I Tried Counting Sheep To Fall Asleep The Last Few Nights, But There’s Only One In Cult Of The Lamb

One of the reasons I’m taking it easy this week is because I’ve been short on sleep every single night since I got home from visiting a friend. Nothing’s wrong, I’ve just gotten completely absorbed into playing Cult of the Lamb every night. Sure, I’d probably be cutting myself off long before 1 or 2 in the morning if I had the chance to start playing before 1030 and wasn’t a little desperate to do anything enjoyable and relaxing with my evening. I’ve had errands, laundry, and Dungeons and Dragons games every night since I got home from visiting a friend, and while Dungeons and Dragons is enjoyable, it isn’t relaxing. It takes real effort and focus to run a game and while I don’t regret my decision to run a session this week, I do wish I was better rested going into the week. I would feel a lot less like rubbish if I was. And who knows, maybe I would have actually followed-through on my decision to “just play a bit” of this addictive combo rogue-lite and management sim instead of losing track of time until I started nodding off at 1 or 2 in the morning.

Perhaps the most striking aspect of the game is the smoothness of the animation. Every move feels incredibly fluid as I steer the titular Lamb around the map, to the point that even the occasional loading issue (I’m playing on the Switch, which has some trouble after it’s been running for over an hour and you load into a new area or a new day starts) doesn’t feel too bad. The facial expressions shift and react to what you’re doing with the same fluidity, regardless of if the player character is making them or one of your cultists is. Every single nonplayer character gets the same loving attention for each of their animations, even if they have fewer than the player character does.

Even after hours of play, the same old actions feel fresh and interesting to watch simply because of how smooth and stylized they are. I’ve seen the Lamb do this little dance with my cultists dozens of times now, using the “Inspire” ability, and it’s still fun to watch. It takes the perfect amount of time and, since the dance is mirrored by the cultist you’re inspiring, it’s always fun to watch the cultist’s face animations change from reverence to joy and then back again.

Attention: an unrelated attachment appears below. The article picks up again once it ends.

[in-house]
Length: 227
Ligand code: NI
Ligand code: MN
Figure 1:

I’ve still only barely scratched the surface of the game since I haven’t had much time to dedicate to it yet, but I’ve been enjoying every minute so far. It manages to avoid most of the hang-ups I expected to have by making it clear that most of the cultists are willing participants in their own sacrifice, death, and occasional incredibly-disgusting endeavors. This is not a game for someone who isn’t alright with blood, murder, poop-cleaning, and cartoon vomit (among many, MANY other things), but they sidestep a lot of the potential coercion issues by making a world of cultists, clear and present magic, and old gods filled with people are just genuinely into this stuff. Some people ask you to sacrifice them and, like, all you’ve done is magically float, build them basic amenities, feed them, and then fight back against the dominant power structures that provide them with the same stuff but in much more of a “you don’t have a choice but to worship us” way. In your cult, you actually do stuff for your cultists enjoy or request, like bring them flowers, give them gifts, rescue their friends or relatives, and take their feedback (or maybe develop your own iron fist with which to rule) to improve cult retention during the brief lives of the cute animal creatures that seem so intent on dedicating themselves to death, worship of a dark god, and pulling pranks on their fellow cultists.

Honestly, it’s game whose tone is difficult to describe since it covers some incredibly dark stuff with a cutesy veneer, but the game makes it clear from the outset that the themes and story elements of the game are trying to say something. One of the first bits of text you see when you start a new file is a message that reminds you that only one head can wear the crown at a time, and there’s some excellent metaphor work at play given the animal-adjacent features of the cultists and the fact that the one who is lifting up the titular character (a lamb) looks an awful lot like a wolf. I can’t wait to get further into the plot of the game so I can see how all this plays out in the long run [pre-posting edit: too bad that’ll have to wait a while due to bugs, but more on that coming Monday the 29th].

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